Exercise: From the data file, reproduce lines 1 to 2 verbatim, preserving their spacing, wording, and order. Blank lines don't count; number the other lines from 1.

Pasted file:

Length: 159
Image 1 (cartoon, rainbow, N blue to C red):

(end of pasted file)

Length: 159
Image 1 (cartoon, rainbow, N blue to C red):